The story of the improbable friendship between two Cold War spies, CIA case officer Jack Platt and KGB agent Gennady Vasilenko, as well as an exploration of the distinctions between the Russian and American methods of conducting espionage and the painful birth of the new Russia, whose leader, Vladimir Putin, dreams he can roll back to the ideals of the old USSR.
Russo...and Dezenhall...weave an engrossing tale ... This book adds knowledge to recent works such as Jack Barksy's Deep Undercover and Eva Dillon's Spies in the Family ... Highly recommended for those who miss the show The Americans and others who immerse themselves in intelligence intrigue.
The fact that neither [writer] is a historian brings a certain freshness to their narrative. Fast-paced and lively, Best of Enemies is suitable for the general reader with an interest in Cold War espionage, although its chatty tone and the authors’ evident admiration for their subjects can become tiresome ... Best of Enemies can be read as a lament for a world in which mutually assured destruction brought a strange kind of stability ... That world is long gone, leaving in its wake something much more perilous.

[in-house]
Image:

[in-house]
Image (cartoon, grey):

A rollicking tale of Cold War espionage ... Russo...and Dezenhall...offer a well-researched account ... Russo and Dezenhall aptly capture this complex narrative, based on its protagonists’ long-classified recollections, though the focus on their outsized personalities can be repetitive. An unusual, entertaining story of steadfast friendship amid governmental treachery.